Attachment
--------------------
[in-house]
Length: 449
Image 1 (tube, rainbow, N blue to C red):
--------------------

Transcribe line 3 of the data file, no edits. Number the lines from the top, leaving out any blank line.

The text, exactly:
Image 1 (tube, rainbow, N blue to C red):